The Associated Press, March 8, 2007
Women's Day in a Dream for Some Afghans
"No one will bring me flowers. My husband won't even bring me a stone"
By ALISA TANG
KABUL, Afghanistan - Qamar laughed bitterly at the idea of International Women's Day, as if it were a cruel joke.
Gulbar is Burnt by Her Husband in Badghis province ( )
RAWA report, Jan. 26, 2006
As a woman encouraged by relatives to marry her stalker - who was 20 years her senior, had three other wives and now beats her regularly - Qamar found it preposterous that anyone would ever celebrate her existence.
"No one will bring me flowers. My husband won't even bring me a stone," the 45-year-old woman said with a cynical smile as she recounted her woes. "March 8th is for foreigners because they have good lives. I don't know anything about March 8th."
Perhaps nowhere else in the world do women more desperately need a day to celebrate their existence, given the bleak reality for millions of women in this war-torn country.
Since the fall of the ultraconservative Taliban regime five years ago, 2 million girls have returned to school, and women can leave their homes unaccompanied. They also hold 68 seats in the 249-member National Assembly.
But those headline successes haven't cured the underlying horrors: Officials estimate at least half of women are forced into marriage and one out of three has been beaten, coerced into sex or otherwise abused.
Qamar, who like many women in Afghanistan goes by one name, said her husband lost his defense ministry job after the Taliban came to power and the couple moved to his home in Kapisa, north of Kabul, where his other wives lived.
There, he fell in love again with his third wife, who bore him children, and the beatings began. Qamar suffered complications in her first pregnancy and was unable to have children.
She threatened divorce and ran out of the home to complain to a district elder and a mullah, or religious leader. She said her husband dragged her back inside the house so violently that one of his older sons demanded, "What are you doing? You're killing her!"
Her husband threatened to kill her brother if he interfered. Qamar stayed with a cousin for three months, but he called her a burden, so now she's back in her abusive home.
"There's no one to help me. I have to live with them. I have no choice," Qamar said, grabbing a corner of the black scarf covering her hair and shoulders to wipe at her tears.
Her tale is echoed by millions of women in Afghanistan, where domestic violence is socially tolerated. Roughly two out of five Afghan marriages are forced, while 45 percent are married by age 18, says the country's Ministry of Women's Affairs.
- Every 28 minutes a woman dies in Afghanistan during childbirth
- 54 percent of Afghan children are born stunted
- The fertility rate in Afghanistan is the world's second highest at 7.5 children per woman, according to UNDP's 2006 Human Development Report.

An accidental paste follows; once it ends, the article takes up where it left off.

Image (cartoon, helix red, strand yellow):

IRIN News, Feb. 16, 2007
According to UNIFEM, the U.N. Development Fund for Women, at least one out of three Afghan women has been beaten, coerced into sex or otherwise abused, and the abuser is usually a family member or someone she knows. Rarely is anyone prosecuted or even reprimanded.
"Ending impunity is not just the government's responsibility - everyone in Afghan society, men and women, has a responsibility to act when confronted with such violence," said Richard Bennett, human rights chief for the U.N. Assistance Mission in Afghanistan.
The government and women's rights organizations have made significant strides in the past five years.
On Wednesday, the women's ministry and rights group Medica Mondiale started a campaign to encourage marriage registration, a legal process before a judge that they hope will cut down on forced and child marriages.
Another organization, Women for Afghan Women, opened a family guidance center Wednesday to help victims of rape, domestic violence, and forced and underage marriages.
Still, their struggle is up against daunting hurdles - continuing instability after decades of war, dire poverty and lack of education.
One young mother sitting in Women for Afghan Women's office exemplified the challenges.
Beshta married at the age of 14. Her husband was killed under the Taliban regime, and she and her 4-year old daughter now live with her father and his second wife. She has been beaten so often her memory has faded. She does not know her age, but looks as though she is in her early 20s.
Her speech is punctuated by long, pensive pauses. She stared blankly into the space, with wide, vacant eyes that welled up as a social worker described the young widow's life.
Asked what she most wanted now in life, Beshta thought for a while and muttered softly: "Somebody to take care of me and my child."
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